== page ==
Lock down unauthorized browsing on store devices
With a comprehensive enterprise mobility management (EMM) solution, retailers can combat mobile browsing threats by using a secure browser on devices, by whitelisting or blacklisting specific websites, or by setting devices to kiosk mode. With kiosk mode, retailers have the ability to display store websites, self-checkout, inventory management or customer shopping apps for an interactive customer shopping experience. The possibilities to personally interact with customers on in-store devices are endless, but so are risks associated with handing a device to a customer. Secure browsing applications allow retailers to configure customized settings to define and enforce secure browsing policies. Implementing kiosk mode capabilities for customer-facing devices allows each user to pick up a device, enter their own login credentials and upon leaving that device, have that secure information wiped and no longer available to the next user.

Minimize time customers spend in lines
Retailers can ensure faster checkout for customers by providing an omni-channel shopping experience. With an omni-channel shopping experience, customers can interact and engage across several channels and platforms (mobile, online, catalog) simultaneously. An example of providing an omni-channel shopping experience includes enabling the customer to purchase an item using the retailer’s app, providing in-store pick up and the ability to process a return via the retailer’s website. This convenience and flexibility enhances the customer experience, increases sales and decreases wait times. In order to truly provide an omni-channel shopping experience, all channels must be fused together to give the customer a seamless experience.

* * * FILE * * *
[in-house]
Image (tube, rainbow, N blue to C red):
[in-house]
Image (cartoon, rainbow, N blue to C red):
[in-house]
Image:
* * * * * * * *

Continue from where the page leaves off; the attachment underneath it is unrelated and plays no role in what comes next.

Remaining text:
Maintain up-to-date inventory and product information
With mobile devices, store associates have the ability to securely access documents, product information and current store inventory. In order to securely access these documents, retailers must implement a content repository solution within their mobile deployment. Mobile devices enable store associates to access real-time information, such as multi-media files, planograms, training manuals, HR systems and more. The integration with content repositories also enables retailers to introduce marketing campaigns and promotions to ensure visual consistency and proper brand representation. Retailers using a content repository have fulfilled the store associates’ need for easy access to corporate content and the ability to collaborate with others while in the store. A content repository such as AirWatch Secure Content Locker, delivers anytime, anywhere access for end users with two-way synchronization across devices, along with sharing and editing capabilities. These features ensure the right content is to the right people, anytime and anywhere.

When it comes to adopting any new technology, the less time retailers spend worrying about the security on devices, the more they can focus on driving core business strategies and enhancing customer experience. Therefore, understanding the best mobile practices empowering today’s retailer becomes vital to the mobility strategy. With the right mobility tools and secure real-time access to data, store associates can become very effective and persuasive extensions of an organization’s multi-channel initiation when it matters most, assisting a browsing customer. The retailers who do this well are converting browsing customers into loyal brand ambassadors.

Five Ways to Protect Point of Sale Stations and Networks From Cybercrime

It’s easy to use the latest POS security breach as a reason for business owners to ensure their POS systems are protected from cyber-criminals, but the fact is that these kinds of breaches have been occurring for a long time – even as far back as the incredible T.J. Maxx data theft of 2005.

As these kinds of breaches are still occurring, it’s always a good time to remind merchants who rely on POS systems to conduct business that protecting hardware and software from hackers and other cyber-criminals is vital in the effort to protect their business and customers’ data from falling into the wrong hands.

Two Areas of Vulnerability: Hardware and Software